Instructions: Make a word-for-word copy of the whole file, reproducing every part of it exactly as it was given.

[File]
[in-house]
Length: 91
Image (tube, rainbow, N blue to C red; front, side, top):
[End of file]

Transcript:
[in-house]
Length: 91
Image (tube, rainbow, N blue to C red; front, side, top):